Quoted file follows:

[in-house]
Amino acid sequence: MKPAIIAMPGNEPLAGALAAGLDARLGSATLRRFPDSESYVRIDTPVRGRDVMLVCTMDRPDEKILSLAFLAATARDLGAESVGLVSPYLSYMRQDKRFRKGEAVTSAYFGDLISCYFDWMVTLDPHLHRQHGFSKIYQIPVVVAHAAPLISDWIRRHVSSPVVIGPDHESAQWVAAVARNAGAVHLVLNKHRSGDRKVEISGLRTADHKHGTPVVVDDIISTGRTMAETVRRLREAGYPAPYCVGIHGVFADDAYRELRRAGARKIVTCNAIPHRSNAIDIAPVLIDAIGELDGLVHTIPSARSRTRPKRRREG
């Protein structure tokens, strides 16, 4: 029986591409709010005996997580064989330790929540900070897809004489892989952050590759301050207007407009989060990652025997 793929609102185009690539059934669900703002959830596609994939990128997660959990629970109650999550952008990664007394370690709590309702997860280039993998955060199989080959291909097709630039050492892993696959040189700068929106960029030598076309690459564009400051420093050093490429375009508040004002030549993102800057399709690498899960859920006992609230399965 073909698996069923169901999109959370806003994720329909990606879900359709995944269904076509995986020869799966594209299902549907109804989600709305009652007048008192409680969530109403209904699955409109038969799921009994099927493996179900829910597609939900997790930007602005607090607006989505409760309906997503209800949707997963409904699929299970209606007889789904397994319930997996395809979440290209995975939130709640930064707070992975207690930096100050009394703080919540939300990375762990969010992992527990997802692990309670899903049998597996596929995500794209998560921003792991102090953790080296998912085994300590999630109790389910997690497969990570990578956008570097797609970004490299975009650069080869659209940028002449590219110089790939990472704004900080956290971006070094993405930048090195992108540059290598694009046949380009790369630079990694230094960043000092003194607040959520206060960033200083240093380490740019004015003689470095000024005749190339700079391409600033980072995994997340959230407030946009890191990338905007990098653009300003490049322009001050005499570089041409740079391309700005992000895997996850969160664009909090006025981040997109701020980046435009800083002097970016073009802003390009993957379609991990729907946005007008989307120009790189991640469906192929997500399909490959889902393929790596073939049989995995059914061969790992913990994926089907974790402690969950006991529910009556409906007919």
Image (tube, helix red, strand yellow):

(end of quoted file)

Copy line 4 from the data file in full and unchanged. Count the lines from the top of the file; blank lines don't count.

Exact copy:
Image (tube, helix red, strand yellow):